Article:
The Curse Genre In The Pre-Election Media

Nune Hakhverdyan

Art critic, journalist

Armenia is moving towards early parliamentary elections, but by and large, it is not moving anywhere.

The media atmosphere is such that any political speech is immediately doomed to remain unimportant and unheard, and instead the role of loud shouting propagandists increases (and will increase even more). Whoever shouts louder with a sharp and thin falsetto will be remembered, hoping that the cry will become a vote.

Although the political campaign has not officially started yet and it is not clear yet which parties will run in the election to appear in the post-war National Assembly, the fact that we are on the verge of snap elections and nothing has changed in communication and rhetoric already proves that there is no movement. That the movement is pretentious.

The political field now speaks as if nothing extraordinary had happened: there was no war, no casualties, no defeat, no geopolitical realignments and a bunch of concessions, the volume of which is not even perceptible, and at the same time a coronavirus with its economic and health consequences.

Many political forces think that a normal political struggle is going on in the short term. And people should be ready to vote not because they have a good offer, but because they do not want the existing force to remain in power.

However, this misguided and deadlocked situation means that when you are broken, you are more open to any offer of healing. So you want to see program guidelines.

After all, any election is a way to achieve some goals, and our political field does not formulate those goals. Instead, it is being replaced with the format of communication that it has already exhausted: rejection, then a curse.

The political forces speak the language of curses and the media reproduces their words, turning the “opposed” principle into a political unit.

Opposition is wrapped around our necks as blackmail (if you do not want him, then I exist, and if I exist, then reject him). After 2018, no new style of struggle has increased in political martial arts.

Just as the clash of black and white, former-present, savior-traitor forces was formulated during the previous elections, so it continues now.

And the problem is that the only hope of white is the existence of black, and black is the existence of white. It is the contrast of color and words that justifies the imitation of struggle.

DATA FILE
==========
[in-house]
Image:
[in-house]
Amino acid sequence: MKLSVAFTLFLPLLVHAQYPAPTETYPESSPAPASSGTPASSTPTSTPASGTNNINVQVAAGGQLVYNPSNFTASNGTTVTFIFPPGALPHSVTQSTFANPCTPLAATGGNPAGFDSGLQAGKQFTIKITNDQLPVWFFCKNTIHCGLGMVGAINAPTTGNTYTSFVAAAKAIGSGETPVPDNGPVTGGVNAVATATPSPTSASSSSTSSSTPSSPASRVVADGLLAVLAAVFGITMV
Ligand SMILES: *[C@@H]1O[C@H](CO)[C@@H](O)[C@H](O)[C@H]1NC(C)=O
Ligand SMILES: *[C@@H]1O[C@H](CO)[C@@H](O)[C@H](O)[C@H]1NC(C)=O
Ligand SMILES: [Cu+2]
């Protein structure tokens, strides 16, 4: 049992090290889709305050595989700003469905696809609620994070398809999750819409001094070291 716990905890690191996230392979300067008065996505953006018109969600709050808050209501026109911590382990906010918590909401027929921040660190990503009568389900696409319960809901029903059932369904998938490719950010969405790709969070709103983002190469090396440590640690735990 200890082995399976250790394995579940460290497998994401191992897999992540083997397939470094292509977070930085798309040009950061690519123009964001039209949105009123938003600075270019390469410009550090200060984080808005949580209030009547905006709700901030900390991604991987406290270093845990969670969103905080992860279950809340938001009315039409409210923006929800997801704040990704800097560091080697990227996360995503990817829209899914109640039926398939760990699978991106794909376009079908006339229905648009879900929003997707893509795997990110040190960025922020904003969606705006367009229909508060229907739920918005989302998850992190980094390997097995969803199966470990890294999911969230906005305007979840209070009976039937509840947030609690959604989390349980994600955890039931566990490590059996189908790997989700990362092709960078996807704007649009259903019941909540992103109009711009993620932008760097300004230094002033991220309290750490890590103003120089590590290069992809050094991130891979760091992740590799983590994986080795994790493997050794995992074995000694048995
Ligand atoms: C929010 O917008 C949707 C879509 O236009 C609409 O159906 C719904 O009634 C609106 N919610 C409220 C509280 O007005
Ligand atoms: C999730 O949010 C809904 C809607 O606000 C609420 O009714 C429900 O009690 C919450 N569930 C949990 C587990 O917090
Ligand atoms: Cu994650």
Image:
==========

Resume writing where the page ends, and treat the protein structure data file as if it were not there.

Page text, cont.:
For example, there will be a “savior” if the target is a “traitor.” Otherwise, if there is no traitor, who should the savior save you from? The traitor must exist, so that there can be a call to get rid of them, then a curse, then a call again. That is to say, the process of running in place.

Moreover, everyone needs a traitor, both the government and the opposition, to feel part of the full-fledged struggle.

That also helps to avoid substantive suggestions on how to get out of this extraordinary situation.

Even the thoughts of peace and war, which arose at the initiative of the ruling power, remained in the air and, by and large, not continuous. The curse is not a continuation, it is the decoration of what happened, and that decoration helps the ruling power not to explain at all how it sees that peace in practice.

The question “Who are you against?” Becomes a political factor, and the question “What do you offer?” Goes to the background.

And in the background, there are more media outlets that are skilled in the genre of curses and are happy to fight, and various experts are ready to nail the “traitors” to the pillar of contempt.

To put it more simply, to provide unprecedented coverage of propaganda with an even sharper and more disgusting falsetto.

Nune Hakhverdyan

The views expressed in the column are those of the author's and do not necessarily reflect the views of Media.am.

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